At a supermarket like Whole Foods, a produce display can be a work of art. Lush greens and bright reds fill the aisles, drawing shoppers to mounds of perfectly spherical melons and ripe, blushing tomatoes.
But these delightful displays have a hidden cost. For each slender carrot or shapely avocado there’s another, uglier vegetable out there somewhere ― likely rotting in a crop field, compost pile or landfill.
Nearly half of all fruits and veggies in the U.S. are tossed out ― and much of that waste occurs because the items are battered or misshapen, The Guardian reports. Farmers leave imperfect crops to rot in the fields, and supermarkets won’t stock items that don’t look or feel just right.
“It’s all about blemish-free produce,” Jay Johnson, who ships fruit and vegetables from North Carolina and Florida, told The Guardian. “What happens in our business today is that it is either perfect, or it gets rejected. It is perfect to them, or they turn it down. And then you are stuck.”
Whole Foods and other supermarkets are starting to push back against these exacting cosmetic standards.
“Whole Foods Market’s goal is zero waste and we’re always looking for ways to reduce our collective impact,” a Whole Food’s spokeswoman told The Huffington Post.
Earlier this year, Whole Foods launched a program to sell weird-looking fruits and veggies in some stores. The effort, which began in Northern California, followed a Change.org petition from food waste activist Jordan Figueiredo calling on the supermarket to give ugly produce more love. Whole Foods also uses cosmetically challenged items in juices, smoothies and pre-made foods, according to NPR.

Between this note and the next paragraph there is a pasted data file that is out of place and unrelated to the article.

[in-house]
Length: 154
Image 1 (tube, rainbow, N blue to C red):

In New York City, the company now is selling weird-looking produce at its new location in Williamsburg, Brooklyn.
But displays of unique produce tend to be few and far between. More common at Whole Foods and supermarkets across the country are the artful produce displays where each plump eggplant or vibrant pepper looks more or less identical to the others piled around it ― displays like this one, captured by HuffPost photographer Gabriela Landazuri Saltos at a Whole Foods location in Manhattan:
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CORRECTION: An earlier version of this story misidentified mangoes as apples.